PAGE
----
The "Drop In” Myth
With the phase out of R-22 and the increase of R-22 retrofit solutions, there has been some confusion in the market about replacements versus "drop-ins" regarding R-22 retrofits. The information below will try to dispell some of these myths as well as educate the contractor about the history of R-22 retrofits. Arkema recommends using Forane® 427A - The Easy R-22 RetrofitTM for your r-22 retrofit solution.
Over the years, refrigerant suppliers looking to sell product have targeted contractors looking for the easiest path for servicing equipment, and the hope of “drop in” refrigerants has become common. The term "drop in" dates back to the phase-out of chlorofluorocarbons (CFCs). Though CFCs have many properties that lead them to be considered ideal refrigerants, they are also recognized ozone depleting substances and, so, were phased-out in favor of more environmentally sustainable alternatives. During the transition away from CFCs, "interim" refrigerant blends containing hydrochlorofluorocarbons (HCFCs), such as R22, were developed to be used in existing R12 and R502 equipment. These HCFC-containing blends had a high degree of miscibility with the mineral oil used in existing CFC equipment. Retrofitting of the equipment with these interim blends could be done with fewer concerns with oil management, making the retrofits relatively easy and leading to their description as “drop ins.”
In contrast, the replacement for R12 in automotive air conditioning was R134a, which is a hydrofluorocarbon (HFC). As an HFC, R134a contains no chlorine and does not deplete the ozone layer. But unlike HCFCs, which contain chlorine and are recognized ozone depleting substances, R134a is immiscible with mineral oil. Retrofitting of R12 equipment to R134a requires that the mineral oil also be removed and replaced with a miscible, synthetic lubricant, which for automotive AC is typically a PAG (polyalkylene glycol) oil. This need to change the oil complicates the retrofit procedure.
The term “drop in” has now migrated to the present day R22 phase-out. And, like with the automotive R12 phase-out, the EPA approved refrigerant choices for retrofitting an R22 system (that are not themselves subject to phase-out) are HFC refrigerant blends. Presently, there are over 20 such HFC-based R22 retrofit refrigerants. However, HFCs are not miscible with mineral oil, and instead typically require use of a synthetic lubricant, such as PAG, POE (polyol ester), or PVE (polyvinyl ether) lubricants.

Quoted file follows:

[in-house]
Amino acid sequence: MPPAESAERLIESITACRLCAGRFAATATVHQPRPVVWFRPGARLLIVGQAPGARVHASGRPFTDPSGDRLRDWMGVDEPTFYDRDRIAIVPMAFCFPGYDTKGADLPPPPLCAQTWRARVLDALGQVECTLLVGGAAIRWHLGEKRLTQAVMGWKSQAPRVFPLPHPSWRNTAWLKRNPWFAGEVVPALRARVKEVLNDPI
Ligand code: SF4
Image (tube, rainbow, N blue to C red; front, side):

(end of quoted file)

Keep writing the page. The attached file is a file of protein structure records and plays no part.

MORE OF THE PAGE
To attempt to improve oil return in R22 systems using an HFC retrofit without changing the oil, some refrigerant suppliers have developed blends containing a small amount of hydrocarbon (HC), including propane, butane, isobutane, or a pentane. HCs are highly miscible in mineral oil but also highly flammable, limiting the amount that can be used in the retrofit blends to only a few weight percent. These HC-containing HFC blends remain immiscible with mineral oil and so are not capable of duplicating the performance of R22/mineral oil. Furthermore, the R22 retrofits are all blended refrigerants, which will not behave the same in all cases as a single component refrigerant like R22.
Regardless of this, some refrigerant suppliers have taken to describing these HC-containing HFC blends as “drop in” retrofits for R22, even where they still recommend that the oil be changed to POE. Arkema Inc. does not advocate the use of the term "drop in" as we believe the term implies a technician can just “drop” the refrigerant into an R22 system without doing any other work. Or even worse, interpreting "drop in" as to mean being able to top off an existing R-22 charge with a retrofit refrigerant. A proper retrofit should involve the following: Evaluating the system to determine whether the layout itself will prove difficult for oil return (eg. long line sets, vertical risers with evaporators that were not trapped correctly, etc...); conducting an oil analysis to confirm oil quality; installing a new filter dryer; installing new Schrader valves; leak checking the system and repairing any leaks. Once these steps are completed the technician can recharge the evacuated R-22 system with the retrofit gas. We do not believe this is considered "dropping it in." When it comes to drop ins, the truth is that there are none.